originator of the DNS query (see [RFC3466], [RFC3568] and originator of the DNS query (see [RFC3466], [RFC3568] and
[RFC3570]). The applicability of such solutions needs for session [RFC3570]). The applicability of such solutions for session
peering needs further analysis. peering needs further analysis.
Finally, other techniques such as Anycast services ([RFC4786]) may Finally, other techniques such as Anycast services ([RFC4786]) may
be employed at lower layers than Layer 5 to provide a solution to be employed at lower layers than Layer 5 to provide a solution to
this requirement. For example, anycast nodes could be defined by this requirement. For example, anycast nodes could be defined by
SIP service providers to expose a common address for SBEs into SIP service providers to expose a common address for SBEs into
DNS, allowing the resolution of the anycast node address to the DNS, allowing the resolution of the anycast node address to the
appropriate peer-dependent service address based on the routing appropriate peer-dependent service address based on the routing
topology or other criteria gathered from the combined use of topology or other criteria gathered from the combined use of
anycast and DNS techniques. anycast and DNS techniques.
Notes on variability of the SBE advertisements based on the media Notes on variability of the SBE advertisements based on the media
capabilities: capabilities:
Some SSPs may have some restrictions on the type of media traffic Some SSPs may have some restrictions on the type of media traffic
their SBEs can accept. For SIP sessions however, it is not their SBEs can accept. For SIP sessions however, it is not
possible to communicate those restrictions in advance of the possible to communicate those restrictions in advance of the
session initiation: a SIP target may support voice-only media, session initiation: a SIP target may support voice-only media,
voice and video, or voice and instant messaging communications. voice and video, or voice and instant messaging communications.
While the inability to find out whether a particular type of SIP While the inability to find out whether a particular type of SIP
session can be terminated by a certain SBE can cause failed session can be terminated by a certain SBE can cause session
session establishment attempts, there is consensus to not add a attempts to fail, there is consensus to not add a new requirement
new requirement in this document. These aspects are essentially in this document. These aspects are essentially covered by SSPs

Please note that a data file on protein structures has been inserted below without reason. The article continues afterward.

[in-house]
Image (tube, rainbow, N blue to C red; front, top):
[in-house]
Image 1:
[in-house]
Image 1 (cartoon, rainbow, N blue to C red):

covered by SSPs when discussing traffic exchange policies and are when discussing traffic exchange policies and are deemed out of
deemed out of scope of this document. scope of this document.
In the use cases provided as part of direct and indirect peering In the use cases provided as part of direct and indirect peering
scenarios, an SSP deals with multiple SIP entities and multiple SBEs scenarios, an SSP deals with multiple SIP entities and multiple SBEs
in its own domain. There is often a many-to-many relationship in its own domain. There is often a many-to-many relationship
between the SIP Proxies considered inside the trusted network between the SIP Proxies considered inside the trusted network
boundary of the SSP and its Signaling path Border Elements at the boundary of the SSP and its Signaling path Border Elements at the
network boundaries. network boundaries.
It should be possible for an SSP to define which egress SBE a SIP It should be possible for an SSP to define which egress SBE a SIP
entity must use based on a given peer destination. entity must use based on a given peer destination.
For example, in the case of an indirect peering scenario (section 5. For example, in the case of a static direct peering scenario (Figure
of [I-D.ietf-speermint-voip-consolidated-usecases]), it should be 2 in section 5.2. of
[I-D.ietf-speermint-voip-consolidated-usecases]), it should be
possible for the SIP proxy in the originating network (O-Proxy) to possible for the SIP proxy in the originating network (O-Proxy) to
select the appropriate egress SBE (O-SBE) to reach the SIP target select the appropriate egress SBE (O-SBE) to reach the SIP target
based on the information the proxy receives from the Lookup Function based on the information the proxy receives from the Lookup Function
(O-LUF) and/or Location Routing Function (O-LRF) - message response (O-LUF) and/or Location Routing Function (O-LRF) - message response
labeled (2). Note that this example also applies to the case of labeled (2). Note that this example also applies to the case of
Direct Peering when a service provider has multiple service areas and indirect peering when a service provider has multiple service areas